This week’s Havel Havelim kick’s off on Rosh Hodesh Av, a time of mourning for past tragedies and hope for future redemption. Many of this week’s developments remind us of how far we have to go, and how great a danger still hangs over us. But others remind us of how far we’ve come. May we continue to grow, learn, and become!
In this week’s Times of Israel post, Rav Nathan Lopes Cardozo maintains that “Artistic expression and religious observance are both forms of protest against taking the world for granted.”
Dov Ber challenges readers to square some of the issues raised in this week’s Parasha with normative Jewish values. “Women are infants who can’t take on any commitment absent some superior man’s approval,” he writes, “And the attack on Midian is nothing if not genocide. Square this with Judaism, if you can.” Join the conversation!
Rav Elli Fischer recently “came out” as an orthodox rabbi willing to perform weddings outside of the official Israeli rabbanut. He explains his reason for doing so (and more) via present and past posts on religion and state in Israel.
My own take on the increasing irrelevance of the Israeli rabbanut can be found here, where I argue for a return to the bottom-up organizational model that has served us so well throughout most of Jewish history.
Life in Israel
A sobering post at Harry’s Place explores some of the implications with the deal with Iran. Iran no longer needs to nuclear, writes Marc Goldberg. “They don’t need the big, bad bomb, to take over the Middle East they already have something much more important. The acquiescence of the world in allowing them to take it.”
One of more immediate implications is already being felt closer to home. At Shilo Musings, Batya muses on the new trend of Arabs from other countries taking selfies of themselves in Jewish stores. We’ve come a long way baby, and not in the ways you might think! At the same time, it would seem that the Western world’s need for a scapegoat continue to impede progress toward reconciliation.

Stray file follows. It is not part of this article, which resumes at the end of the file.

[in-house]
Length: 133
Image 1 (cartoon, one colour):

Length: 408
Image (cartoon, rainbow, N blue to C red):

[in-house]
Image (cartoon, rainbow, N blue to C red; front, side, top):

Certainly Israel’s increasing popularity in the Arab world is not news to Christians in the region, who have long known that only in Israel can they practice their religion in safety. Ramona Tausz pens “a simple thank you to Israel — for the simple joy of allowing me to attend church freely on Sunday, and for making it so easy to do so.”
Meanwhile, in an Israeli version of the “Local boy makes good” story, we have the tale of how an oleh hadash from America built a model craft brewery in Israel.
Batya ponders vacationing away from home, before deciding, “not during pool season!” But meanwhile, what do you serve during the Nine Days? One-pot salmon and veggies may be a good answer.
“Where else in the world is the airport packed with people blowing shofars?” asks Sussmans b’Aretz. “Where else are people throwing candy and delivering packages to kids as they arrive, while people dance the new arrivals through the doors to the airport?” Only in Israel, as illustrated by this heart-warming aliyah story.
Miriam reflects on her son’s visit back to Poland to pay tribute to the murdered generations, and then back home to a generation renewed in Israel.
However, sometimes being at home can be too much of a good thing. Beit Roga shares some lessons gleaned from being laid up for a week: “It is not easy to be an active person and have had all these plans and wind up sitting until your butt hurts. It is not fun to watch life from the couch.”
Do you blog on Jewish subjects?
Join the longest-running weekly international Jewish and Israeli blog carnival, Havel Havelim. The weekly round-up was established about fifteen years ago by Soccer Dad who no longer blogs. These days, we coordinate it via our facebook page. To host a blog carnival, be in touch with Batya Medad at Shilo Musings. To be included in the next Havel Havelim, send Batya a a link (before Shabbat, your time) to your favorite Jewish or Israeli blog post of the week, preferably with a one-line summary, firstname.lastname@example.org.